MSU students find comfort in stuffed toys


Claire Bacarella

MSU graduate student Kalei Glozier in his Squishmallows room

Claire Bacarella

When Michigan State University junior Jillian Plant returned to class following the events of Feb. 13, she was greeted by a few familiar faces: Squishmallows.  

The pillow-like stuffed animals were passed out to students at various locations on campus following the tragedy that occurred.  

After receiving two Squishmallows from her writing professor when classes resumed, Plant said the stuffed animals helped her to cope.  

“Holding it during that class was very comforting,” Plant said. “I was still anxious to be on campus.” 

She said it was special to receive a platypus Squishmallow from her professor.  

“They are not the cheapest, so it is very nice for her to buy them for me,” Plant said. 

Plant is not the only one to seek comfort from the squishy animals. According to a 2021 The New York Times article, Squishmallows are taking over. It is a takeover that MSU students are not immune to. 

Graduate student Kalei Glozier is a testament to the comfort of Squishmallows. He has a collection of over 500 Squishmallows with its own room and is a brand ambassador for the company. 

Squishmallows even flew him out to VidCon, an annual convention for fans and online brands, to represent the company. He said he even gets to give input on new Squishmallows before they release.  

“I collect Squishmallows because I want to celebrate all the little joys in my life,” Glozier said. “There is so much fun that goes into going to look for the ones that you want.” 

Not only is Glozier a collector, but he is also a clinical psychologist who understands the benefits of Squishmallows and other comfort items.  

He said he recommends comfort items, like Squishmallows, to clients as something to lean on when they are feeling sad. They make great comfort items because of how cuddly they are, and they can even be used as pillows.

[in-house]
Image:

“And it is something that you can share with other people,” Glozier said. “Social connection is a huge benefit to mental health.” 

Glozier said he has gained more than just the cuddly animals themselves from his time collecting.

“I have built a community of friends around Squishmallows that spans all over the U.S.,” he said. “We text about the new ones that are coming out. And if I am out at a store and I see one that they want, I totally grab it and I send it to them.”  

MSU sophomore Jonathan Clem said he has found that owning his bear Squishmallow, Omar, has allowed him to connect with others.  

“All my friends have Squishmallows,” Clem said. “Omar’s my boy. I ride or die for him.” 

Clem also shared that Omar brought him much comfort in the wake of the MSU shooting.  

“It helped my mental health after the shooting for sure,” Clem said. “I packed my bag, and I packed Omar and snuggled up with him at night.”  

Omar the bear, Jenny the cow or Archie the axolotl—whether students are avid collectors or just have one or two Squishmallows, there is no denying the Squishmallows craze has invaded MSU’s campus.